At The Met: Daily Life In Death


Stable model from tomb of Meketre, Upper Egypt, 1981-1975 B.C.; plastered and painted wood, gesso. 

We have to be grateful that some civilizations from the past had such rich material cultures, and had beliefs in an life after death like the one just lived, with all its daily needs. The Metropolitan Museum of Art has a treasure trove in its collection of models from the tomb of Meketre, who was a royal steward during the 11th and 12th dynasties of the Middle Kingdom. You can see excellent hi resolution images, much better than my photos, of the dozen models in the Met's collection at the link. Twenty four models were found in a hidden chamber in 1920 by the Met's excavator, Herbert Winlock; the rest of the tomb had been plundered years before. The other dozen models went to the Egyptian Museum in Cairo. The details of stable and animals are beautifully observed, simple yet charming; we learn about how cattle are kept and fattened for slaughter.


Granary model from tomb of Meketre, Upper Egypt, 1981-1975 B.C.; wood, plaster, paint, linen, grain.

In this granary, men are emptying sacks of grain for storage. In the room in front, men are measuring grain and scribes are keeping accounts.


Garden model from tomb of Meketre, Upper Egypt, 1981-1975 B.C.; wood, paint, copper.

The most lovely model is that of a garden, but not just a place for contemplation of nature. There is a copper lined basin at its center, which I learned from the museum description is a libation basin, so a place of religious significance. 

Funerary Boat model from tomb of Meketre, Upper Egypt, 1981-1975 B.C.; wood, plaster, linen twine, and cloth.

This is such a beautiful piece of sculpture that even though it is not ordinary life, but a funerary ritual, a representation of a pilgrimage to the cult center of Abydos, I wanted to include it in this post. The shape of the boat with its upward curve and narrow ends mark it as an image of a papyrus vessel. The rowers have a sameness, yet are also individuals, making this piece fascinating to look at in detail. (here)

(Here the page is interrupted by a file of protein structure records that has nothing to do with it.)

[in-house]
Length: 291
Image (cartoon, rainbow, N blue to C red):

Goat pen model, Eastern Han dynasty, 25-220; earthenware with green lead glaze.

It wasn't only in Egypt that burial sites included models of everyday life. We are all familiar with the Chinese terracotta warriors found in a huge burial site for the first emperor of China. They are from about the same time as these earthenware models, which are very modest in comparison.


Animal pen model, Eastern Han dynasty, 25-220; earthenware with green lead glaze.

The models mostly picture animals, which must have been a very important part of the household. It's interesting to me that some of the animal pens were of a rounded shape.


Duck pond model, Eastern Han dynasty, 25-220; earthenware with green lead glaze.

Here is a decorative duck pond with four ducklings at its four corners.


Square pen with six rams model, Eastern Han dynasty, 25-220; earthenware with green lead glaze.

Six fat rams, the curves of their horns making a gentle rhythm, seem to be waiting for, looking at, something.


Mill, wellhead model, Eastern Han dynasty, 25-220; earthenware with green lead glaze.

I love the simplicity of forms in this piece, the round volumes held in by vertical walls and horizontal roof. These are not sophisticated works, but they have a strong visual presence, as do the Egyptian models in their own way. To realize that they were all made to be hidden away in a burial is rather startling, but these wonderful objects are now, happily for us, on view.